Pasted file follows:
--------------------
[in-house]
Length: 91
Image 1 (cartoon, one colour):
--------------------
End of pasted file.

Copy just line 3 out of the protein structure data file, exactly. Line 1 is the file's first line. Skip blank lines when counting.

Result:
Image 1 (cartoon, one colour):